Favourite (almost) Fall Flowers

More than three weeks left in summer.  Officially.  But with days getting noticeably shorter and temperatures several degrees cooler than average (single digits when we got out of bed yesterday – Shileau came down the stairs with me but then just curled up on the couch!) it really is beginning to feel a lot like autumn.

To emphasize that point, I harvested my first pumpkin on Saturday – one of the half dozen growing in the composter.  (I need to find a recipe that uses pumpkin and puff pastry…)

Here’s what’s going gangbusters in my garden now along with a few just starting, a few new to me and a few trying to hang onto to their mid-summer glory.

Big Leaved Aster Aug 19 2017
Big Leaved Aster, Eurybia macrophylla:  an individual plant isn’t much to look at but when you have masses of them together at the edge of a woodland garden the effect is stunning.  An Ontario native plant, if grows in dry shade!!!

I spot great heaps of Russian Sage (Perovskia atriplicifolia) everywhere but this is the first year my one plant has given me any kind of display.  The Cup Plant (Silphium perfoliatum) I’ve written about is now in its eight foot glory and the Sunflowers (Helianthus annuus) are magnificent – both the few I planted (above) and the ones that found their way into my garden from plants a year or two ago — some appear to be small trees, 10 or 12 feet high.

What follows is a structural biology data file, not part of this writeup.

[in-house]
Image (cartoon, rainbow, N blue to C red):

New to my garden this year are these white Iris given by a friend.  They bloomed profusely in the spring and now they’re sending up a few, select, stalks to provide welcome contrast to the lush greenery everywhere.  I brought this Sneezeweed (Helenium autumnale) home from my visit to the native plant nursery in July.  It had a bit of mildew then and is now covered with it yet still has given some remarkable, small, flowers.  Hopefully next year the mildew will stay away.

Just starting are Sedum specabile – even before it starts to pink up it gets swarmed by bees:  Sedum spectabile

Although not really a flower (although one bolted early on so yes, there were flowers…) I’m including this kale – I’ve never grown it before and am entranced by the curly, crinkly foliage – so much so I’ve not been able to cut off any leaves to eat:

Kale

Finally, still going strong, are my Rudbekias.  Once again here are two photos of Rudbeckia laciniata, the first paired with Ironweed (Vernonia fasiculata), another Ontario native.

 

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